The Amazing Zucchini Trombetta Albenga

Originally imported from Centre North America , the  Zucchini Trombetta  Albenga (a Ligurian town) has become a Ligurian delicacy which you can find in the French and Italian Riviera markets during the summer period.


Zucchini Trombetta AlbengaThey are very different from the normal zucchini.

Long and thin, they have all the seeds at the end.

As a consequence, they are less watery, and much more consistent and crunchy.

The zucchini Trombetta Albenga have a diameter between 2 to 3 cm and they can reach a length of 20 cm, sometimes turning around like trumpets, I guess that is where the name derives from.

They are definitely worth a try.

If you are interested in more unusual Italian vegetables you can watch a video about my trip to the Ventimiglia market here.

zucchini trombetta from Albenga 3_2_1

Ratatouille 30_4_1


As a matter of interest, I always cut my vegetables over a dedicated vegetable cutting board as it is more hygienic.

I use an Index Chopping Board Set you can find on Amazon (affiliate link)

Each board is colour coded and has a symbol indicating its use e.g. meat (red), fish (blue), vegetables (green), and cooked food (white).

Here, more of my favourite kitchen tools

So in their honour, I recommend these 3 Zucchini recipes:

  1. Zucchini and mushroom quiche
  2. Ratatouille
  3. Agne’s zucchini

I would also like to take this opportunity to reveal my special ingredients to make the best

  1. Fried Zucchini Flowers.

zucchini flowers_2_1




Zucchini Trombetta Albenga are in the French & Italian Riviera in the summer. Long and thin, with no seeds, they are crunchy with a nutty taste. #yourguardianchef #vegetables #vegetarian #vegan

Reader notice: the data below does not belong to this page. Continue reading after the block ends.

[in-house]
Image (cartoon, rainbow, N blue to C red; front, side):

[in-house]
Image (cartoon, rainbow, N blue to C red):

14 comments for “The Amazing Zucchini Trombetta Albenga

  1. Lesley
    19th August 2016 at 3:05 pm

    I grow this variety of courgette in Brittany and agree they are much better than traditional varieties. They are more tasty and stay fresh in the fridge for longer. Try making a courgette cake with them they are great because they have less water.

    • Laura
      19th August 2016 at 4:48 pm

      Lesley, thank you so much for your comment. I am glad to hear you can grow them in Brittany. Great suggestion about the cake, I will certainly try !

  2. 16th June 2017 at 3:47 pm

    Yummy Laura!! This was a fun read and the quiche looks heavenly!

    • Laura
      17th June 2017 at 3:50 am

      Thank you Elaine

  3. 17th June 2017 at 7:09 am

    That looks so good…wanna try this soon! Great recipe

    • Laura
      18th June 2017 at 11:45 am

      Thank you Bebs

  4. 19th June 2017 at 8:23 pm

    Interesting post. The zucchini flowers have intrigued me the most. A wonderful collection of recipes using zucchini trombetta. I’ve learnt something new today 🙂

    • Laura
      20th June 2017 at 4:05 am

      Thank you Mayuri, they are very common in France and Italy

  5. 20th June 2017 at 8:53 am

    Mmmm! Can’t do without these every week, love your collection of trombini zucchini recipes, I make a few of them. In Switzerland we only had the traditional zucchini with lots of water and seeds, can’t stand them now, my husband still brings me some when he goes shopping, makes me so hungry 😀

    • Laura
      21st June 2017 at 7:08 am

      LOL, what a nightmare! Renaud from the Lavancia Farm gives them to his pig

  6. 27th June 2018 at 12:33 pm

    zucchine trombetta forever, troppo buone (so good)

    • Laura
      27th June 2018 at 1:28 pm

      And the season just started !!!!

  7. John luce
    15th August 2018 at 12:43 pm

    I bought the seeds in Italy and grow them in jersey a great talking point and taste good .i am going to try the courgette soup

    • Laura
      16th August 2018 at 5:15 pm

      Great, the soup is delicious. I would love to hear how you make it

Leave a Reply

Your email address will not be published. Required fields are marked *